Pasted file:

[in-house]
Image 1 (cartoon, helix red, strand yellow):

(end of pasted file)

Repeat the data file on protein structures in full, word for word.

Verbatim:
[in-house]
Image 1 (cartoon, helix red, strand yellow):